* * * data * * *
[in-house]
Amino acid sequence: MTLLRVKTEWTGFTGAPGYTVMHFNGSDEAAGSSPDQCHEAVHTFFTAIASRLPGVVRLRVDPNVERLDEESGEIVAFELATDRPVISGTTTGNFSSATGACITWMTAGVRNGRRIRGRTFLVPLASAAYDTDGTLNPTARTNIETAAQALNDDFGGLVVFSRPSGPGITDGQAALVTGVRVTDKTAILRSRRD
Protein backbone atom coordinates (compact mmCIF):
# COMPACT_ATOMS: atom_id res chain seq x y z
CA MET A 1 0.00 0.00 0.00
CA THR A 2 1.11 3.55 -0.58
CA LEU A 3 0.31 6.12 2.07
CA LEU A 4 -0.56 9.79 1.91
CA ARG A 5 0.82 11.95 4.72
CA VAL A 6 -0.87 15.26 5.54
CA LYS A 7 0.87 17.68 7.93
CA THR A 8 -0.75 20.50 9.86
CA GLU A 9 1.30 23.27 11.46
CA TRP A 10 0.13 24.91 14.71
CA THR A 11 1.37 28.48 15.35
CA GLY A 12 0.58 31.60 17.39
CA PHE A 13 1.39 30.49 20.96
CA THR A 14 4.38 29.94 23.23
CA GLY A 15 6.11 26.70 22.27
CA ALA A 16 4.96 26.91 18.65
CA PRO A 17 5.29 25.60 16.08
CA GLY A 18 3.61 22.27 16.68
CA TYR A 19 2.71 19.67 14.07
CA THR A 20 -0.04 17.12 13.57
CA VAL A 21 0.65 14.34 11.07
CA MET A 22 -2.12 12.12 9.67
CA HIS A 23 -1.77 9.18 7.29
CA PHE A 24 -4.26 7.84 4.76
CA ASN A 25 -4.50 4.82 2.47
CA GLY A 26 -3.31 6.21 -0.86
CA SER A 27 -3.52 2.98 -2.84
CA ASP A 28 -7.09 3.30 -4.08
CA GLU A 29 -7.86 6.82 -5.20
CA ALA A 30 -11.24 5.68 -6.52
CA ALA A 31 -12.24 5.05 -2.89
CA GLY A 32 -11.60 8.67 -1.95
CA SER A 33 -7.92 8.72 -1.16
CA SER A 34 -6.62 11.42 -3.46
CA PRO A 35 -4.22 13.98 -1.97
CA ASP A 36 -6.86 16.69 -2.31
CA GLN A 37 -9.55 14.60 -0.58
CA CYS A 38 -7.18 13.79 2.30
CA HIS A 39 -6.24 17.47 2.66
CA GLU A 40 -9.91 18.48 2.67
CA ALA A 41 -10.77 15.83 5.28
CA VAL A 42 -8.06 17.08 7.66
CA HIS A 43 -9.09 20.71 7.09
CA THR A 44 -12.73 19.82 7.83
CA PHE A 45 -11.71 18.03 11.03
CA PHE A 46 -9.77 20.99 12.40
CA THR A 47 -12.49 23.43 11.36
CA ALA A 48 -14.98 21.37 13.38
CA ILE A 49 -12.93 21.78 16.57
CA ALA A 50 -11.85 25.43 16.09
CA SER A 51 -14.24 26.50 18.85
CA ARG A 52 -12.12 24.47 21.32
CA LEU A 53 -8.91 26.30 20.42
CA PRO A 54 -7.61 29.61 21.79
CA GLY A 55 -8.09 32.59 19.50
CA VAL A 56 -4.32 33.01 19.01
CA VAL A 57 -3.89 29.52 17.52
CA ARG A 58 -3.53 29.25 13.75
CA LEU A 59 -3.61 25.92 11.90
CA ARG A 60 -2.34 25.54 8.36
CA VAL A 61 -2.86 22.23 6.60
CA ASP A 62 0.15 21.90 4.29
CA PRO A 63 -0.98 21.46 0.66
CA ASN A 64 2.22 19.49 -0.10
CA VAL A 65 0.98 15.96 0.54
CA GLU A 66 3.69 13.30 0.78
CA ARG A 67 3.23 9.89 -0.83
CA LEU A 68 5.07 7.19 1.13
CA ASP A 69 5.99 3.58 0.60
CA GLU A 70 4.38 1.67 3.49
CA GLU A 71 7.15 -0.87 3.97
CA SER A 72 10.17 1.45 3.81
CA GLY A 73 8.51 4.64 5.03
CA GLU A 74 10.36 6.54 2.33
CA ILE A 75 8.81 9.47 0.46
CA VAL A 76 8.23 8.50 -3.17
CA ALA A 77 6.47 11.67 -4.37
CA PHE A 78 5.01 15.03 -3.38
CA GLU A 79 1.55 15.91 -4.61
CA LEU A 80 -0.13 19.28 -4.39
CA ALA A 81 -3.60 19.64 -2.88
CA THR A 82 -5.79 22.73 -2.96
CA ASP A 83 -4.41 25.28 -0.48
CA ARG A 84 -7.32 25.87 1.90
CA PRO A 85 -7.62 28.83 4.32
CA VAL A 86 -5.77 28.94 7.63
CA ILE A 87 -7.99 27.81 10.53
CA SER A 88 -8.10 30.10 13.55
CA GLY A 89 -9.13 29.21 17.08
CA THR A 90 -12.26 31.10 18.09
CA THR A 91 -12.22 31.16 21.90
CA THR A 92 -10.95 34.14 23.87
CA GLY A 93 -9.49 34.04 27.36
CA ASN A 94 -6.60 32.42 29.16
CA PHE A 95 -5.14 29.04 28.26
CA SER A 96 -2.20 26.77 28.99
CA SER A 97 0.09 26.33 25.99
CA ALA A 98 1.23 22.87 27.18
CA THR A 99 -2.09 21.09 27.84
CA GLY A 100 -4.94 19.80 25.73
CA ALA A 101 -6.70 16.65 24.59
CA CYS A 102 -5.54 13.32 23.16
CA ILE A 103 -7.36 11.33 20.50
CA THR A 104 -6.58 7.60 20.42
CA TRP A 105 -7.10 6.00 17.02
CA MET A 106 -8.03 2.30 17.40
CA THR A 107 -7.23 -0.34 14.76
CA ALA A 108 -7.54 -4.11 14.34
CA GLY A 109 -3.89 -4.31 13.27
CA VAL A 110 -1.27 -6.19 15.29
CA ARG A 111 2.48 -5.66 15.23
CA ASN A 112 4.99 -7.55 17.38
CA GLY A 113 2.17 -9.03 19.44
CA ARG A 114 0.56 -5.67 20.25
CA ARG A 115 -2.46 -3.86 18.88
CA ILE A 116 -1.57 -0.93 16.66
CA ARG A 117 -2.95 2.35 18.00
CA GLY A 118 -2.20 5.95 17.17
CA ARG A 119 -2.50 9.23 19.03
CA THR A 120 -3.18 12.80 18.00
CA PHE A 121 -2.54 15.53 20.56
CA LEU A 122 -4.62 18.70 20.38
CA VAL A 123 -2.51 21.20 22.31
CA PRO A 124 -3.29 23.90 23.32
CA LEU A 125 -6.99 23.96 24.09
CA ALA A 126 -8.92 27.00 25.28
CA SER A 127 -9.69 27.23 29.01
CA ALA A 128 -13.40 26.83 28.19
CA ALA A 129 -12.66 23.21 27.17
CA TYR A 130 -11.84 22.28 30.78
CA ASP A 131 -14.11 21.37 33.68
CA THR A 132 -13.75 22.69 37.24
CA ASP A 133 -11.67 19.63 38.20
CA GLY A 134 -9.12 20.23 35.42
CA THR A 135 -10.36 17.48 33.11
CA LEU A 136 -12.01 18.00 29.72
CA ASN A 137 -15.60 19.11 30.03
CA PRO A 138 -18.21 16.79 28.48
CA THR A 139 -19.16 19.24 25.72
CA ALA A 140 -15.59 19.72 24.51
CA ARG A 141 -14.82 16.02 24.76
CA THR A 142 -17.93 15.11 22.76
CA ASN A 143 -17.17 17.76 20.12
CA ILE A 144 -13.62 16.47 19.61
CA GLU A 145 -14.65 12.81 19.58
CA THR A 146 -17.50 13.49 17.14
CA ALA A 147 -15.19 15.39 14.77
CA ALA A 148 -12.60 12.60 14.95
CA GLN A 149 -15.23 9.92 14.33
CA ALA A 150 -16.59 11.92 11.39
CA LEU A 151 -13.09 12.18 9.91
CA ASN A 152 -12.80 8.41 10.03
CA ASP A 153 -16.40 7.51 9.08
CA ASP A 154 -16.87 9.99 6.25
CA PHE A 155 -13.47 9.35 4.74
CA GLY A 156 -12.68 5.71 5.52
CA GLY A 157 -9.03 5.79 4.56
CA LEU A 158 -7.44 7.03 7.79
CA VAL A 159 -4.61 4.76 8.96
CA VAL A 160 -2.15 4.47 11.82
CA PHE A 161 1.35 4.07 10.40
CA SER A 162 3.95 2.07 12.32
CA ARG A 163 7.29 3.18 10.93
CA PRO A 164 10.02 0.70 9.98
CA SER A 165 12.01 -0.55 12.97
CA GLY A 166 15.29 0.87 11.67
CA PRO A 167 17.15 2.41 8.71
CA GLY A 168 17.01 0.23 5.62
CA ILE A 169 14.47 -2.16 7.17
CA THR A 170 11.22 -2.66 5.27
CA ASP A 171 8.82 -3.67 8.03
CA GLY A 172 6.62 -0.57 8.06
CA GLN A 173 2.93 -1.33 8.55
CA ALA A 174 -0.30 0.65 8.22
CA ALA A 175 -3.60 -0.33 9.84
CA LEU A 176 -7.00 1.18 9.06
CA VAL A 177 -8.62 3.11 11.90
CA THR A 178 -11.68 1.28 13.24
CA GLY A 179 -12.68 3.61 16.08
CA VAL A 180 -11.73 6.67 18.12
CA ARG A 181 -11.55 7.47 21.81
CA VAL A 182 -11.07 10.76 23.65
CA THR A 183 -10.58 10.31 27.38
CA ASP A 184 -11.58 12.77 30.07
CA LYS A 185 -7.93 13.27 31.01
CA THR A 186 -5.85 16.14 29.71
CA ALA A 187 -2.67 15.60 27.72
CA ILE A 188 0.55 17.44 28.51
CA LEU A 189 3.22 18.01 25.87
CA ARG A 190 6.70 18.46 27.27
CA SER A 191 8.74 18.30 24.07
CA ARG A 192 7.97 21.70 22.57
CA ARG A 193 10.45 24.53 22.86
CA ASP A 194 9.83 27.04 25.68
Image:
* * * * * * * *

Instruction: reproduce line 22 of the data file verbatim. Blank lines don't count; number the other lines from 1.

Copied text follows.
CA GLY A 18 3.61 22.27 16.68